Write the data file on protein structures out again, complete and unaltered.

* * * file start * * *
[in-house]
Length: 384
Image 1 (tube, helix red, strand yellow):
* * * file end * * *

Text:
[in-house]
Length: 384
Image 1 (tube, helix red, strand yellow):